Themes and Meanings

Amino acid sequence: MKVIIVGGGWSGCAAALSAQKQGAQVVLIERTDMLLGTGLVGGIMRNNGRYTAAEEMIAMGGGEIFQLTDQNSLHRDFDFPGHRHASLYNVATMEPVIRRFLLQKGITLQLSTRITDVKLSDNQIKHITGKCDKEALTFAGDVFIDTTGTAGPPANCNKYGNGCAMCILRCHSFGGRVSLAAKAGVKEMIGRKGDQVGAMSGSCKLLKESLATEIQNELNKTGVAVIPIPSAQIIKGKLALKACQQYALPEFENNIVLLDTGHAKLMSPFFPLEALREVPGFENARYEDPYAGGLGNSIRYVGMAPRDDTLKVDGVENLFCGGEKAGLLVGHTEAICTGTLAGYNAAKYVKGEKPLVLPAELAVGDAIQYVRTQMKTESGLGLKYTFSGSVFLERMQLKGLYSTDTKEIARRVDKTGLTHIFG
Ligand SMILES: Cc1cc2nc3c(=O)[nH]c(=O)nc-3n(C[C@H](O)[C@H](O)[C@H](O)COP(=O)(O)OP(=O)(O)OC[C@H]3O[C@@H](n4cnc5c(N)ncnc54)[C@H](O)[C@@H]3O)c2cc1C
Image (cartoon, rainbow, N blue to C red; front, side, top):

On the novel’s first page, the narrator reports that he is not telling the story to prove a case. However, the story does underscore several of Roberts’s themes. First is the idea that early America’s history was forged by brave leaders of men such as Rogers. A related second theme is that such figures can be unfairly judged by history. In his literary autobiography I Wanted to Write 1949, Roberts implies that he sees the pattern of the past as the story of great men—such as Rogers and Benedict Arnold, a major figure in Roberts’s Arundel (1930) and Rabble in Arms (1933)—surrounded by traducers. Moreover, he attempts to correct the preconceived images of American history and to disclose the fallacy of labeling a man on the basis of one deed. For example, Benedict Arnold’s treason is his mark in history, yet his ability as an outstanding field officer is usually ignored. Viewed historically, the lesser-known figure of Rogers is perhaps more often viewed as an unsuccessful seeker of the Northwest Passage who died impoverished and unheralded rather than as a masterful military leader who, given proper support, might have discovered a path to the Pacific before the Meriwether Lewis and William Clark expedition of 1804-1806. A third theme suggests a warning: When a man is tempered in war, he cannot easily erase its imprint. Towne, recalling his tolerance of killing an Indian in battle, determines to eschew war thereafter. Less capable of change, wartime leader Rogers, once out of war, cannot adjust to bureaucratic red tape, politicians, and jealous superiors. The Indian fighter cannot use the same tactics out of war as in it. Risking fortune and countermanding orders aimed at frustrating northwest exploration, Rogers finds his vision and merited trust with the Indians, gaining him the enmity of superiors. Furthermore, in peacetime he is prone to indulge in such soldierly vices as drinking, womanizing, and gathering debts.